Q. 215.0( 2 Votes )

# A shift in demand curve has a larger effect on price and smaller effect on quantity when the number of firms is fixed compared to the situation when free entry and exit is permitted. Explain.

Answer :

In short run the number of firms is fixed where as in long run the number of firms is not fixed.

Now with help of following two graphs we will explain the effect in short run market –

In short run, when number of firms is fixed –

Graph 1.1 - DD represents the demand curve and E is the initial equilibrium, where demand and supply intersect each other.

Now when the demand increases the demand curve shifts to D1D1, new equilibrium E1 arises where supply curve and demand curve intersect each other at price P1 and equilibrium quantity Q1. This means both equilibrium price and quantity rises.

Graph 1.2 - DD represents the demand curve and E is the initial equilibrium, where demand and supply intersect each other.

Now when the demand decreases the demand curve shifts to D2D2, new equilibrium E2 arises where supply curve and demand curve intersect each other at price P2 and equilibrium quantity Q2. This means both equilibrium price and quantity falls.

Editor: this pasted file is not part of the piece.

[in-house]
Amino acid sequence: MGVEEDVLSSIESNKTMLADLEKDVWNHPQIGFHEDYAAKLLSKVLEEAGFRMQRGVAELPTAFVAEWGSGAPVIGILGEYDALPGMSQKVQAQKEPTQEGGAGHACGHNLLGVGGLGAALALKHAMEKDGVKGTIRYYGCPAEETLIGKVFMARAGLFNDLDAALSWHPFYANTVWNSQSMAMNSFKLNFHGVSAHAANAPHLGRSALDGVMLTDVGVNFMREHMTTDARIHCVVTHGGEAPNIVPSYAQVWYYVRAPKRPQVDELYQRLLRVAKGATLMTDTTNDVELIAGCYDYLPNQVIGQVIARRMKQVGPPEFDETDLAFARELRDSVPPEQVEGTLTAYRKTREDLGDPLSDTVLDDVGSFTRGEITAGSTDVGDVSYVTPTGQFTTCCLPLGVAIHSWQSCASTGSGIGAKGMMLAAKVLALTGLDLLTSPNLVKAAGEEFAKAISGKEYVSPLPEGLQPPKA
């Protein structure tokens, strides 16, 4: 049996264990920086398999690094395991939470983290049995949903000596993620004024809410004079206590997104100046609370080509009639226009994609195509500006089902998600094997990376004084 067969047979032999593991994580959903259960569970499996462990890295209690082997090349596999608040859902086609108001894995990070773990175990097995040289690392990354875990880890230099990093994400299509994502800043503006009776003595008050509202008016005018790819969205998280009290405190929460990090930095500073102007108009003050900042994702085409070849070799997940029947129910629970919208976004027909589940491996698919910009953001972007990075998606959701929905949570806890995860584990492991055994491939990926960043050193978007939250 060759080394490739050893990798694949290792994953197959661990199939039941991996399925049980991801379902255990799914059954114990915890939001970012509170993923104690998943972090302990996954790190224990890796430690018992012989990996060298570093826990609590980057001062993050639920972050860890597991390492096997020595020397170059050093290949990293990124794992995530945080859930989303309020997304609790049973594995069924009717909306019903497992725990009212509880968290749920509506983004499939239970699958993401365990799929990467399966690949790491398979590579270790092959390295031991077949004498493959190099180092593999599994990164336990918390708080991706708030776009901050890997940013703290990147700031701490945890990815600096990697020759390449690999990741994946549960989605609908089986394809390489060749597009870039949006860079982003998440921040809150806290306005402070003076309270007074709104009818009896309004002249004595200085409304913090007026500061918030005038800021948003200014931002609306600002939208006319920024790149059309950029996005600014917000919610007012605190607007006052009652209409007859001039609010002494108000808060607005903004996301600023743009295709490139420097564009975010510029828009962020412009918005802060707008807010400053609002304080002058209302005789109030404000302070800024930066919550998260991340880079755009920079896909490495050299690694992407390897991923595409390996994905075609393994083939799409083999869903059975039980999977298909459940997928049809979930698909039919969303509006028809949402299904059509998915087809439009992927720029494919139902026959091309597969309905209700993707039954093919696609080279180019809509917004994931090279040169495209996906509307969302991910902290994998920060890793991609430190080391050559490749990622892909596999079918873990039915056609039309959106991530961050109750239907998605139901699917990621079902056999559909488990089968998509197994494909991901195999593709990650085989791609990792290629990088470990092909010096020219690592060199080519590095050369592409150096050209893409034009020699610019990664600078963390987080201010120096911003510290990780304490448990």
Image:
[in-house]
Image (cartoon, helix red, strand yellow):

Now with help of following two graphs we will explain the effect in long run market –

In long run, when number of firms is not fixed, but free entry and exit is allowed –

Graph 2.1 - DD represents the demand curve and E is the initial equilibrium, where P = Min AC

Now when the demand increases the demand curve shifts to D1D1, new equilibrium E1 arises where price is same and equilibrium quantity is Q1. This means equilibrium price remains same but equilibrium quantity rises.

Graph 2.2 - DD represents the demand curve and E is the initial equilibrium, where P = Min AC.

Now when the demand decreases the demand curve shifts to D2D2, new equilibrium E2 arises where price is same and equilibrium quantity is Q2. This means equilibrium price remains same but equilibrium quantity falls.

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